Mindfulness in ACT is defined to be a combination of four aspects of the psychological flexibility model, which is ACT's applied theory:

  1. Acceptance (openness to and engagement with present experience);
  2. Cognitive defusion (attending to the ongoing process of thought instead of automatically interacting with events as structured by prediction, judgment, and interpretation);
  3. Contact with the present moment (attention to the present external and internal world in a manner that is flexible, fluid, and voluntary);
  4. A transcendent sense of self or "self as context" (an interconnected sense of consciousness that maintains contact with the "I/Here/Nowness" of awareness and its interconnection with "You/There/Then").[28]

These four aspects of mindfulness in ACT are argued to stem from Relational Frame Theory, the research program on language and cognition that underlies ACT at the basic level. For example, "self as context" is argued to emerge from deictic verbal relations such as I/You, or Here/There, which RFT laboratories have shown to help establish perspective taking skills and interconnection with others.[29][30]

Most ACT self-help books (e.g.,[31]) and many tested ACT protocols teach formal contemplative practice skills, but by this definition of mindfulness, such defusion skills as word repetition (taking a difficult thought, distilling it to a single word, and saying it repeatedly out loud for 30 seconds) are also viewed as mindfulness methods.

Adaptation Practice

The British psychiatrist Clive Sherlock, who trained in the traditional Rinzai School of Zen, developed Adaptation Practice (Ap), the foundation of mindfulness, in 1977 based on the profound mindfulness/awareness training of Zen daily-life practice and meditation. Adaptation Practice is used for long-term relief of depression, anxiety, anger, stress and other emotional problems.

Cognitive restructuring

Dr. Albert Ellis, considered the "grandfather of cognitive-behavioral therapy" (CBT), has written:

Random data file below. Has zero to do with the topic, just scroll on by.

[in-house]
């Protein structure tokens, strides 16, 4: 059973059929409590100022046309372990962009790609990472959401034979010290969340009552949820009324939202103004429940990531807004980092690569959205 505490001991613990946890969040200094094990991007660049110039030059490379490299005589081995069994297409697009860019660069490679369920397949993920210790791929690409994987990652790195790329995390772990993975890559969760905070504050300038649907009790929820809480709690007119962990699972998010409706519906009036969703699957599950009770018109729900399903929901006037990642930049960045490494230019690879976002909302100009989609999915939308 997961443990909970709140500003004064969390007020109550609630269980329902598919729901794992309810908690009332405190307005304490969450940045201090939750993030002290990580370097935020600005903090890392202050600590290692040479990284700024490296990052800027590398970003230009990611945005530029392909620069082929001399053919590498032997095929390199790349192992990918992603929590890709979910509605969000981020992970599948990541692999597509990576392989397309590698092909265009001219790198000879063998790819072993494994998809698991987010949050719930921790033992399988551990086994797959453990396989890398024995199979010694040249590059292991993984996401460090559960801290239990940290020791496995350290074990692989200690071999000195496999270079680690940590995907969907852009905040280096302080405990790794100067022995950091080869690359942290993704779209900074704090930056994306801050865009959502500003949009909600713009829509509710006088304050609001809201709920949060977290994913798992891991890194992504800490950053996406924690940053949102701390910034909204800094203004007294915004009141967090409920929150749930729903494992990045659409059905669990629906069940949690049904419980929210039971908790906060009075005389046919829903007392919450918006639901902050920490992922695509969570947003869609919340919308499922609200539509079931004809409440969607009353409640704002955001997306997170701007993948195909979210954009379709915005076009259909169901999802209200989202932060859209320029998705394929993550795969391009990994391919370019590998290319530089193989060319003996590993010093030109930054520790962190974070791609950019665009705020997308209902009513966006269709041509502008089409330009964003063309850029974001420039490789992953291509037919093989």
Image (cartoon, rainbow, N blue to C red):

Many of the principles incorporated in the theory of rational-emotive psychotherapy are not new; some of them, in fact, were originally stated several thousands of years ago, especially by the Greek and Roman Stoic philosophers (such as Epictetus and Marcus Aurelius) and by some of the ancient Taoist and Buddhist thinkers (see Suzuki, 1956, and Watts, 1959, 1960).[32][lower-alpha 17]

To give but one example, Buddhism identifies anger and ill-will as basic hindrances to spiritual development (see, for instance, the Five Hindrances, Ten Fetters and kilesas). A common Buddhist antidote for anger is the use of active contemplation of loving thoughts (see, for instance, metta). This is similar to using a CBT technique known as "emotional training" which Ellis [33] describes in the following manner:

Think of an intensely pleasant experience you have had with the person with whom you now feel angry. When you have fantasized such a pleasant experience and have actually given yourself unusually good, intensely warm feelings toward that person as a result of this remembrance, continue the process. Recall pleasant experiences and good feelings, and try to make these feelings paramount over your feelings of hostility.[lower-alpha 18]

Popular psychology and spirituality

Mainstream teachers and popularizers

In 1961, philosopher and professor Alan Watts wrote:

If we look deeply into such ways of life as Buddhism and Taoism, Vedanta and Yoga, we do not find either philosophy or religion as these are understood in the West. We find something more nearly resembling psychotherapy.... The main resemblance between these Eastern ways of life and Western psychotherapy is in the concern of both with bringing about changes of consciousness, changes in our ways of feeling our own existence and our relation to human society and the natural world. The psychotherapist has, for the most part, been interested in changing the consciousness of peculiarly disturbed individuals. The disciplines of Buddhism and Taoism are, however, concerned with changing the consciousness of normal, socially adjusted people." [34]

Since Watts's early observations and musings, there have been many other important contributors to the contemporary popularization of the integration of Buddhist meditation with psychology including Kornfield (1993), Joseph Goldstein, Tara Brach, Epstein (1995) and Nhat Hanh (1998).

Caveats regarding "Romantic Buddhism"

Romantic /
divided self clinging
feeling of
knowledge of
cure on-going

Thanissaro Bhikkhu[35] identifies broad commonalities between "Romantic/humanistic psychology" and early Buddhism: beliefs in human (versus divine) intervention with an approach that is experiential, pragmatic and therapeutic. Thanissaro Bhikkhu traces the roots of modern Western spiritual ideals from German Romantic Era philosopher Immanuel Kant through American psychologist and philosopher William James, Jung and humanistic psychologist Abraham Maslow.

Thanissaro asserts that there are also core differences between Romantic/humanistic psychology and Buddhism. These are summarized in the table to the right. Thanissaro implicitly deems those who impose Romantic/humanistic goals on the Buddha's message as "Buddhist Romantics."

The same similarities have been recognized by David McMahan when describing Buddhist modernism.[36]

Recognizing the widespread alienation and social fragmentation of modern life, Thanissaro Bhikkhu writes: